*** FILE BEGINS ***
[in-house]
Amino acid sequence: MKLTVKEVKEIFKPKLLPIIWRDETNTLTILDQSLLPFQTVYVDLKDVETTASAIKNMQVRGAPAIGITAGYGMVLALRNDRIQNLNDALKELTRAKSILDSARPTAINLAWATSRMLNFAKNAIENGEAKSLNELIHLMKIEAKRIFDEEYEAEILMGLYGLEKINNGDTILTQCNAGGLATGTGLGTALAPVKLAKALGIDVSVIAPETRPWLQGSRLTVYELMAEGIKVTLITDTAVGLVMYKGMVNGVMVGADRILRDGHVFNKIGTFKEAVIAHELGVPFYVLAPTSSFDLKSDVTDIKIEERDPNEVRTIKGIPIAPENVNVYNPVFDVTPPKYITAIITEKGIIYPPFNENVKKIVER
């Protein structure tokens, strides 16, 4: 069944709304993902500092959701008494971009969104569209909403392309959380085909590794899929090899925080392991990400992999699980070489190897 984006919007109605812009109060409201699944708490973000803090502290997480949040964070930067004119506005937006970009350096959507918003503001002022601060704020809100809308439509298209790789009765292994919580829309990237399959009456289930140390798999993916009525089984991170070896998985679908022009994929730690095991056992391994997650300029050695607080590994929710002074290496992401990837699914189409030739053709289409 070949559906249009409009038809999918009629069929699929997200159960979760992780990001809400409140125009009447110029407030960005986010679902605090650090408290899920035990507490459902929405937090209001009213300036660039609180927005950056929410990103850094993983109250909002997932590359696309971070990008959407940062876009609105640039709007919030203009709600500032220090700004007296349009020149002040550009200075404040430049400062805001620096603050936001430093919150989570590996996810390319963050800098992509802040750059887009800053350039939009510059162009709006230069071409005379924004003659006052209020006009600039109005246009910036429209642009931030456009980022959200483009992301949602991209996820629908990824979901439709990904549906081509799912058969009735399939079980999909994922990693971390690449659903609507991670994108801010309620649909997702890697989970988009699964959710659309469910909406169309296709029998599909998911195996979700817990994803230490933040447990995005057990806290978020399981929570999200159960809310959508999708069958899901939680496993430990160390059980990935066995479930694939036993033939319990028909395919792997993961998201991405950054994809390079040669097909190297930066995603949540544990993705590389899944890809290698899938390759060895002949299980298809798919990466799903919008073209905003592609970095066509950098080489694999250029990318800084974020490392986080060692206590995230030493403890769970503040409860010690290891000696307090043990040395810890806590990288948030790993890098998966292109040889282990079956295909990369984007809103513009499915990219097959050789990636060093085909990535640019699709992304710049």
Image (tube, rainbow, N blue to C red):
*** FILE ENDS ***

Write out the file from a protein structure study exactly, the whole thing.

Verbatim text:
[in-house]
Amino acid sequence: MKLTVKEVKEIFKPKLLPIIWRDETNTLTILDQSLLPFQTVYVDLKDVETTASAIKNMQVRGAPAIGITAGYGMVLALRNDRIQNLNDALKELTRAKSILDSARPTAINLAWATSRMLNFAKNAIENGEAKSLNELIHLMKIEAKRIFDEEYEAEILMGLYGLEKINNGDTILTQCNAGGLATGTGLGTALAPVKLAKALGIDVSVIAPETRPWLQGSRLTVYELMAEGIKVTLITDTAVGLVMYKGMVNGVMVGADRILRDGHVFNKIGTFKEAVIAHELGVPFYVLAPTSSFDLKSDVTDIKIEERDPNEVRTIKGIPIAPENVNVYNPVFDVTPPKYITAIITEKGIIYPPFNENVKKIVER
């Protein structure tokens, strides 16, 4: 069944709304993902500092959701008494971009969104569209909403392309959380085909590794899929090899925080392991990400992999699980070489190897 984006919007109605812009109060409201699944708490973000803090502290997480949040964070930067004119506005937006970009350096959507918003503001002022601060704020809100809308439509298209790789009765292994919580829309990237399959009456289930140390798999993916009525089984991170070896998985679908022009994929730690095991056992391994997650300029050695607080590994929710002074290496992401990837699914189409030739053709289409 070949559906249009409009038809999918009629069929699929997200159960979760992780990001809400409140125009009447110029407030960005986010679902605090650090408290899920035990507490459902929405937090209001009213300036660039609180927005950056929410990103850094993983109250909002997932590359696309971070990008959407940062876009609105640039709007919030203009709600500032220090700004007296349009020149002040550009200075404040430049400062805001620096603050936001430093919150989570590996996810390319963050800098992509802040750059887009800053350039939009510059162009709006230069071409005379924004003659006052209020006009600039109005246009910036429209642009931030456009980022959200483009992301949602991209996820629908990824979901439709990904549906081509799912058969009735399939079980999909994922990693971390690449659903609507991670994108801010309620649909997702890697989970988009699964959710659309469910909406169309296709029998599909998911195996979700817990994803230490933040447990995005057990806290978020399981929570999200159960809310959508999708069958899901939680496993430990160390059980990935066995479930694939036993033939319990028909395919792997993961998201991405950054994809390079040669097909190297930066995603949540544990993705590389899944890809290698899938390759060895002949299980298809798919990466799903919008073209905003592609970095066509950098080489694999250029990318800084974020490392986080060692206590995230030493403890769970503040409860010690290891000696307090043990040395810890806590990288948030790993890098998966292109040889282990079956295909990369984007809103513009499915990219097959050789990636060093085909990535640019699709992304710049």
Image (tube, rainbow, N blue to C red):